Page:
Road Shoes Versus Winter Shoes

Norm

Mayor McCheese
Team MTBNJ Halter's
Like everyone else, I'm really looking forward to spring. But one thing I'm not looking forward to is getting rid of the Lake shoes. They are so damn comfortable I find myself keeping them on even when I know it's going to be up over 50 degrees. My feet don't mind. In fact, they love it. They're the most comfortable shoes I've ever worn on any bike, by a mile.

So...what makes the Lake shoes so comfortable? Can any road shoe be that comfortable? If so, how? Do I just need to drop the money on a really good road shoe? Insoles? Sacrifice a chicken? What's the secret?
 

stb222

Love Drunk
Jerk Squad
I have thought about this also and I think it is the thick insole of the Lakes. if you have taken them out, you will notice they have a bubble/air layer which make then cushie. Also, the boa closure avoid pressure point pretty well and the leather upper is nice and supple.
Specialized shoe have the different insoles to better match you personal preferences and also address foot angle issue inside the shoe instead o externally. I have only read about these and I think Manny mentioned that he has them, although he seems to be sold on the whole specialized thing. :D

I switched back to my road shoes and pedals on Friday. Insole is noticeably less cushy but for me, the engagement of the road cleat/pedals just blows spds out of the water and was a welcome change.
 

jimvreeland

Endurance Guy: Tolerates most of us.
Be Cinderella and find the perfect fitting glass slipper!! Specs and features mean nothing, what brand one person likes over another means nothing, shoes are like saddles and tires, you need to try them and find your match!!

-Jim.
 

THATmanMANNY

Well-Known Member
I have only read about these and I think Manny mentioned that he has them, although he seems to be sold on the whole specialized thing. :D...
:eek: now time to go oogle at my new road shoes and wear them on the bike I didn't start yet :rolleyes:
 

ArmyOfNone

Well-Known Member
Sounds weird maybe but winter shoes are not as stiff as your road shoes, the rigidity of the shoe might effect what your feeling as well.

I avoided this issue by only riding in my winter shoes in the woods. I wore road shoes all winter. :getsome:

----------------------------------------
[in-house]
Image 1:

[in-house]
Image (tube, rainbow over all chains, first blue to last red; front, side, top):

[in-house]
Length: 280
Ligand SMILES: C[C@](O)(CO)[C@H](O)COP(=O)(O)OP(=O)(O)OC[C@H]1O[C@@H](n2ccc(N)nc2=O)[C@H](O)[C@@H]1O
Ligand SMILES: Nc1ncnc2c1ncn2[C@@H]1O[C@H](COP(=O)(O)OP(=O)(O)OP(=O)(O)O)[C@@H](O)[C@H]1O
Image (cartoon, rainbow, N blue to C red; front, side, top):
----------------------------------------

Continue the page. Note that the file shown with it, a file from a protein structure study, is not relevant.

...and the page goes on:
RNG1

Well-Known Member
Be Cinderella and find the perfect fitting glass slipper!! Specs and features mean nothing, what brand one person likes over another means nothing, shoes are like saddles and tires, you need to try them and find your match!!

-Jim.

I agree with this, when I bought road shoes I immediately started trying on the more expensive ones so that I could gage against what is the "best" it turned out that when I put the mid level Spuink on they just felt and fit perfect even though the bottom is some super hard plastic and not carbon like the pricier ones. Also comfort on feet are funny, last season I replaced my god knows how old specialized mtn shoes and went for Sidis (again not the priciest ones) but even though they were way better than the specialized until I experimented by pulling out the inner sole from these and put them in the sidis they just felt funny. I think our feet notice subtle change like our teeth do.
 

jdog

Shop: Halter's Cycles
Shop Keep
Sounds weird maybe but winter shoes are not as stiff as your road shoes, the rigidity of the shoe might effect what your feeling as well.

I avoided this issue by only riding in my winter shoes in the woods. I wore road shoes all winter. :getsome:

Wedges??
 

Norm

Mayor McCheese
Team MTBNJ Halter's
I avoided this issue by only riding in my winter shoes in the woods. I wore road shoes all winter. :getsome:

This is like saying I choose not to pull out the splinter in my big toe because I don't want to know what it's like to ride without it.

A lot of shoes feel good when you put them on. It's only after an hour or 2 they start to not feel as good anymore. I've considered taking the Lake insoles and sticking them in the road shoe to see how it feels.
 

Cyclopath

Shop Owner / Employee
Shop Keep
I've spent consecutive 8hr days in my Specialized shoes and never noticed I was wearing shoes at all.

The Bellweather shorts... I was VERY well aware of those:cry:
 

pixychick

JORBA: Ringwood
JORBA.ORG